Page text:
In less rarefied households, including those of slaves, corn and pork were staples. Food historians’ research gathered from journals, accounts and excavations suggests many slaves were encouraged to grow their own gardens. Cornmeal, yams and rice were common.
The long arm
James Finimore Cooper provides another take on early 19th century cuisine in “The American Democrat” (1838). The novelist observed that grease, even then, was plentiful in American kitchens. Spices were available but were often expensive and rarely used as habit. “Thus, food tended to be bland. Imagination was infrequently applied to meal planning, so meals lacked variety.”
He also noted that Americans generally ate “quickly and in sloppy fashion.” Since all the food was placed on the table at the same time, the person who ate fastest — or had the longest or pushiest arm — received the most food.
Meals often consisted of beef, eggs, hot biscuits, corn bread, hot cakes, porridge and seasonal vegetables and fruits. Coffee, tea, water or cocoa were consumed in “large quantities.” Whiskey, inexpensive and readily available, was the most popular alcoholic beverage, Cooper recorded, especially in the South and West.
More illuminating glimpses into the culinary culture of antebellum America are easy to find online. A search for “Civil War food” or “antebellum food” will take you to sites like www.foodtimeline.org or www.historycentral.com.
Today’s cooks would never give up the staggering variety of foods available to us now from all over the world — not to mention our modern appliances — to toil over an open fire or primitive stove in a separate kitchen house. But, almost two centuries after some of the folks who dined in homes we visit on Pilgrimage today transformed Columbus from a river trading post to a thriving town, many of the recipes remain. A few are included below. They remind us of a time when the link between nature and nourishment was often just as close as what grew or roamed outside the back door.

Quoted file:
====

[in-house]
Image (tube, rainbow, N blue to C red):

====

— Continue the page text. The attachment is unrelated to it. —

Two apples, peeled and diced
1/2 cup water
1 cup milk
2 cups sifted all-purpose flour
1/2 cup sugar
1/4 teaspoon salt
1 tablespoon lemon juice
1 teaspoon lemon rind
Source: “Recipes of Ante Bellum America,” by Helen Claire Duprey Bullock (Heirloom, 1967). (This original recipe was adapted to include sugar.)
One head of lettuce
1/4 teaspoon salt
Dash of cayenne pepper
1 tablespoon butter
3/4 cup cooked ham, diced
3 tablespoons wine vinegar
2 tablespoons water
Source: “Recipes of Ante Bellum America,” by Helen Claire Duprey Bullock
Onions and apples
1 quart of water
1/2 pound salt pork
Four tart, green apples
two large onions
Source: Contributed by Civil War reenactors on http://www.angelfire.com
Source: “Confederate Receipt Book, A Compilation of Over One Hundred Receipts Adapted to the Times,” (1863)
Southern Johnnie cake
2 cups cornmeal
2/3 cup milk
2 tablespoons vegetable oil (lard)
2 teaspoons baking soda
1/2 teaspoon salt
Source: “Mason-Dixon Line’s Civil War Recipes,” www.geocities.c
Jan Swoope is the Lifestyles Editor for The Commercial Dispatch.